The phrase leapt out of the news report, demanding to be taken seriously. I hadn’t considered it before, but anger and despair so precisely define the broad American mood that those emotions may be the only things that President Bush and his circle have in common with the surrounding legions of his antagonists. We are in anger and despair because every nightmare of which we were warned has come to pass. Bush’s team is in anger and despair because their grand and — to them — selfless ambitions have been thwarted at every turn. Indeed, anger and despair can seem universally inevitable responses to what America has done and what it faces now.
I guess it’s not just us leftie bloggers, huh?
You can count on one thing. All over Washington, Republicans are at least as capable as I am of watching and interpreting the polling version of the smash-up of the Bush administration. …
… Despite various bumps and plateaus — including a conveniently engineered, Karl Rovian bump just before election 2004 — it’s been a slow, ever-downward path that, in early 2005, dipped decisively under 50%; by the end of 2004 had crossed the 40% threshold; and is, at present, in the mid-30% range.
There’s no reason to believe that the bottom has been reached.
Here’s the juicy part (boldface added):
This is the situation before some future round of hideous polling figures sets off a full-scale panic in the Republican Party, leading possibly to a spreading revolt of the pols that could put the present revolt of the generals in the shade. Given the last couple of years, and what we now know about the Bush administration’s inability to operate within the “reality-based community” (as opposed to spinning it to death), there is no reason to believe that a polling bottom exists for this President, not even perhaps the Nixonian Age of Watergate nadir in the lower 20% range.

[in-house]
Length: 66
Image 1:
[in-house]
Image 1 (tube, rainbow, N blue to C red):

If current trends continue, I can foresee a point at which the Republican Party abandons Bush to save itself. We may even see the political marginalization of the neocon-fundie axis that remains what is left of his base. It is possible — not in the cards yet, but possible — that by 2007 the GOP will be frantic to get Bush out of the public eye so that he doesn’t drag down the 2008 elections.
Then Republican leaders will march to the White House and demand that he resign, which I guess would make Bush the new Dick Nixon.